B: It was a small department, and one of my favorite professors was a gentleman

named Earl Vance. He... was a wonderful teacher; he encouraged us to get a liberal

arts education, which is a noble argument, the technical versus the liberal arts. He said,

get yourself a good education; study history and economics and language, and let the

technical aspect of journalism fall into its place. So, I took that as a guide in those early

years, and I did.... It taught me that, really, I needed a strong education. It is a

philosophy I have used throughout my career. I teach writing at the University of West

Florida, and I tell these [students] in communication arts now, get yourself a good

strong liberal arts education; take the writing courses, learn to write, but all the other

technical aspects of journalism can be learned on the job because on-the-job training is

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really what you need.

P: Is it better to learn on the job?

B: I think it probably is, because what I have found in journalism in my experience at

Florida State. We had a course in the history of journalism, which was okay but it was

a textbook course; we had courses in headline writing and copyediting, which is kind of

a routine thing you learn on the job because each newspaper is different. I could have

spent more time in other areas of political science, learning American government,

economics, maybe some advanced English courses to strengthen myself in the

language where I was learning little technical things.... You have to know how to use the

language, how to write a good, sharp, clear story. That is the most important thing that

you can learn. But you really ought to have history, economics, language, because, as

a newspaper person, you are going to have to deal with everything, from the high-and-

mighty and the celebrity to the technical, the scientist, the police beat, the courthouse

and city hall. If you do not know the framework of government, if you do not know how

American business operates, if you do not know how education works, then you are

going to be lost. So, it begins with that liberal arts base.

P: How about the Flambeau? What was it like during this period of time? Was it

controlled to a large degree by the administration?

B: It was up to a point.... They operated semi-independent of the administration, up to

a point, because at that particular time, we did not have any really controversial issues

that had caused the student rebellion [in the 1960s]. I will share with you an experience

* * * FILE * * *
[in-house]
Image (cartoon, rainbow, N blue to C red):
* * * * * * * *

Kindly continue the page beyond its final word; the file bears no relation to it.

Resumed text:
we had in regard to that. Earl Dobert... was the editor, and he was an aggressive young

idealist. He ran into difficulty with President Doak Campbell over an issue that would

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sound awfully simple today. One of our associate editors discovered that, in the late

1940s, some faculty [members were] teaching black children on Saturday mornings in

the black area of Tallahassee, French Town; we thought it made a good story. These

people were volunteering their time to help these black children. So, we ran a story on

page one, kind of a feature story of people doing good service. The Florida legislature

was in session, and Doak Campbell, being a university president who (like all university

presidents) was sensitive to what the legislature was saying in those days, called

Dobert in, and he told him, you are going to have to step down as editor of the

Flambeau or I am going to have you kicked out of school. Dobert, being one who

wanted to finish his degree, resigned, and I became the editor that last semester before

I graduated....

P: What was the issue? Why was he upset?

B: The issue was the black issue because they did not want the radical faculty out in

the early days of the civil rights movement.... [T]he Florida legislature at that time was

controlled by what we call the Porkchop Gang, a term created by Jim Clendenin, the

editor of the Tampa Tribune. He called them the Porkchop Gang, and that comes from

the fact that they were mostly North Florida rural legislators, before the days of

reapportionment, who really controlled the legislature. In those days, [the more urban]

South Florida did not have much clout in the legislature. So, all across the tier of North

Florida, the rural [lawmakers], who were avowed segregationists [and] in control. So,

you can imagine the attitude of Campbell-and he probably was overreacting to that-but